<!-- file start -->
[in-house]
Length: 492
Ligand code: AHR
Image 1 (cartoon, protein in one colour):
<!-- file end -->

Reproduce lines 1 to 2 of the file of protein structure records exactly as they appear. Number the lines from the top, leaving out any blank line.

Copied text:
[in-house]
Length: 492